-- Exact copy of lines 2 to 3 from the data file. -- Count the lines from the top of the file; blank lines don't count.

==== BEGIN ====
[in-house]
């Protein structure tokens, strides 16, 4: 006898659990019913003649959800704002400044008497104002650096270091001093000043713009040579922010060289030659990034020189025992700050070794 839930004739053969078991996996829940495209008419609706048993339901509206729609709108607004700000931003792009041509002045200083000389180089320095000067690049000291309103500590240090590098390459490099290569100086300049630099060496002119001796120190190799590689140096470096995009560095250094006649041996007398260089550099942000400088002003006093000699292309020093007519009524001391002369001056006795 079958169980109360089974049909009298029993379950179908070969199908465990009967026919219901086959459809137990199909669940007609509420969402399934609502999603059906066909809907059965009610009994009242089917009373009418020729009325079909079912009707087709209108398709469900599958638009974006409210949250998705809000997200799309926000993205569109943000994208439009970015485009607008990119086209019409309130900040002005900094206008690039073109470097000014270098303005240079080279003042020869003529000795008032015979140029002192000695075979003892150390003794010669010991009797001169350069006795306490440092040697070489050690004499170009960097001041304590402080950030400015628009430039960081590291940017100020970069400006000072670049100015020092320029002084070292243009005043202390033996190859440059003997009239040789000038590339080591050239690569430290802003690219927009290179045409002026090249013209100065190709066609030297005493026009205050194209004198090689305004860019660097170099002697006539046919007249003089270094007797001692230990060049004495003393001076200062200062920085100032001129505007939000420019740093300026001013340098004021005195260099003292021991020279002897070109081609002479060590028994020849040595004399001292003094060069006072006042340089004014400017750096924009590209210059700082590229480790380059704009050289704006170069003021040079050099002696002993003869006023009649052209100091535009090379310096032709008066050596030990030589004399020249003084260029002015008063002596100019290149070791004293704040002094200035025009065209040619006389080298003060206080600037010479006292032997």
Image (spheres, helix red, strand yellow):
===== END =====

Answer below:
């Protein structure tokens, strides 16, 4: 006898659990019913003649959800704002400044008497104002650096270091001093000043713009040579922010060289030659990034020189025992700050070794 839930004739053969078991996996829940495209008419609706048993339901509206729609709108607004700000931003792009041509002045200083000389180089320095000067690049000291309103500590240090590098390459490099290569100086300049630099060496002119001796120190190799590689140096470096995009560095250094006649041996007398260089550099942000400088002003006093000699292309020093007519009524001391002369001056006795 079958169980109360089974049909009298029993379950179908070969199908465990009967026919219901086959459809137990199909669940007609509420969402399934609502999603059906066909809907059965009610009994009242089917009373009418020729009325079909079912009707087709209108398709469900599958638009974006409210949250998705809000997200799309926000993205569109943000994208439009970015485009607008990119086209019409309130900040002005900094206008690039073109470097000014270098303005240079080279003042020869003529000795008032015979140029002192000695075979003892150390003794010669010991009797001169350069006795306490440092040697070489050690004499170009960097001041304590402080950030400015628009430039960081590291940017100020970069400006000072670049100015020092320029002084070292243009005043202390033996190859440059003997009239040789000038590339080591050239690569430290802003690219927009290179045409002026090249013209100065190709066609030297005493026009205050194209004198090689305004860019660097170099002697006539046919007249003089270094007797001692230990060049004495003393001076200062200062920085100032001129505007939000420019740093300026001013340098004021005195260099003292021991020279002897070109081609002479060590028994020849040595004399001292003094060069006072006042340089004014400017750096924009590209210059700082590229480790380059704009050289704006170069003021040079050099002696002993003869006023009649052209100091535009090379310096032709008066050596030990030589004399020249003084260029002015008063002596100019290149070791004293704040002094200035025009065209040619006389080298003060206080600037010479006292032997």
Image (spheres, helix red, strand yellow):